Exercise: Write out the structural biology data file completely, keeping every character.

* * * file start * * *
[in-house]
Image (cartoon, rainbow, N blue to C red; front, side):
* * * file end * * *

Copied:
[in-house]
Image (cartoon, rainbow, N blue to C red; front, side):